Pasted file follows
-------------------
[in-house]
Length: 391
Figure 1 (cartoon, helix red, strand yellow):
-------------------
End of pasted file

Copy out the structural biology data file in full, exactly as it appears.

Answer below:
[in-house]
Length: 391
Figure 1 (cartoon, helix red, strand yellow):